Paris can be overwhelming if you don’t know it. There are so many areas to visit, restaurants, wine bars, cafes, patisseries, chocolatiers  and bakeries to try. You can certainly benefit from seeking advice from people in the know. As a foodie and a blogger I needed an introduction to the insider places of Paris. Of course you can research and do everything on your own but why, if there are locals who are willing to show and tell? There are several Paris based blogs and websites that offer information and food tours for English speaking visitors and I like to rely on these resources when planning a trip like this. I will offer a few links to these blogs at the end of the post. One such blog is Paris by Mouth, a Paris based website built on the collaboration and contribution of an impressive group of food and wine professionals, including cookbook authors Patricia Wells and Dori Greenspan to mention a couple of the well known names. The site was launched in 2010 and  the Wall Street Journal called it “the definitive blog on the city’s food and wine scene”. The website offers a guide to Paris, listing restaurants, wine bars, bakeries and more that can be very useful when you are in town looking to experience it like an insider. They also conduct culinary tours that cover markets, bakeries, patisseries, chocolatiers, wine shops, wine bars and more. Average price for a 3 hour tour with tastings is 95 Euros. You can register online to any of these excursions and my experience with them was very good. Response to registration and inquiries was prompt, information was precise, I received a reminder before the event and they even agreed to change my reservation for one of the tours I registered for once I was in Paris.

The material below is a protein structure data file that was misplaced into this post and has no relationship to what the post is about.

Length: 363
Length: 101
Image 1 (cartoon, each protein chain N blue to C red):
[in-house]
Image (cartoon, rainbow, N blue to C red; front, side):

The first tour I took with Paris by Mouth was a food tour of Saint Germain. Saint Germain is an interesting arrondissement and is kind of a microcosm of the greater Paris. It has everything: large avenues, narrow side streets, high end shopping, small boutiques, famous cafes, artisanal foods, specialty wine shops and fabulous shoe stores (around rue Cherche Midi) and a lot of history (Saint Germaine church, the oldest in Paris, Saint Sulplice). You really get a sense of life in the city when you are in Saint Germain.